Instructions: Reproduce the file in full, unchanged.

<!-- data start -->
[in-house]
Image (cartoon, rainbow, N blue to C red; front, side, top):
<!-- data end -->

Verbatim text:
[in-house]
Image (cartoon, rainbow, N blue to C red; front, side, top):